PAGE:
9 December, 2021

Facing the facts – the need for loss and damage finance can no longer be denied

Olivia Serdeczny, Adao Soares Barbosa, Hafij Khan, Sneha Pandey, Doreen Stabinsky

This article takes stock of the Loss and Damage negotiations at COP26, concluding that the need for developed countries to provide Loss and Damage financial support can and will no longer be ignored.

COP26. UNCCC 2021. Flickr/UNclimatechange

For years, developing countries have been calling for financial support in their efforts to address loss and damage: the unavoidable impacts of climate change that countries cannot adapt to. By the end of COP26, it became clear that the elephant in the room – failure on the part of developed countries to systematically provide Loss and Damage finance – can and will no longer be ignored.

What is loss and damage finance?

Originally, “loss and damage” under the UNFCCC referred to the inevitable impacts of climate change that countries could not reasonably adapt to. Today, and as a result of major political controversies, it means different things to different people. A handful of developed countries tries to keep the issue closely bound to the concept of adaptation – implying that no specific loss and damage finance is required (for an insightful argumentation along those lines see a US representative speak here at 2:14:40). Yet in fact, the Paris Agreement separates loss and damage and adaptation in two distinct articles: Article 7 on adaptation and Article 8 on loss and damage.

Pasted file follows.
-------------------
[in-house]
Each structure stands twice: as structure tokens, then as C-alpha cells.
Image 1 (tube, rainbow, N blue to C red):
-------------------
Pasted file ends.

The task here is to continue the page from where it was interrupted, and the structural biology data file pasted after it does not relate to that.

Over the past several years it has become even clearer that loss and damage is not the same as adaptation and requires its own funding stream. In a 2019 Technical Paper on sources of financial support relevant for addressing loss and damage, the UNFCCC Secretariat lays out the challenges of tracing or reporting on loss and damage finance that mostly arise from its lack of definition. While this definition remains an issue, Article 9.8 of the Paris agreement provides a legal base to tackle finance for loss and damage under the Financial Mechanism of the Convention and its operating entities.

As climate impacts get more severe, the issue of loss and damage finance is raising its profile. Under the UNFCCC, it has been discussed under the so-called work streams of the Executive Committee of the Warsaw International Mechanism for Loss and Damage (WIM Excom). The activities covered under these work streams occupy a broad spectrum, ranging from risk reduction to recovery from disasters.